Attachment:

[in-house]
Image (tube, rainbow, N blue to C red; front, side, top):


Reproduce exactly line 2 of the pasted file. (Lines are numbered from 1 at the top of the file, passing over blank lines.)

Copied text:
Image (tube, rainbow, N blue to C red; front, side, top):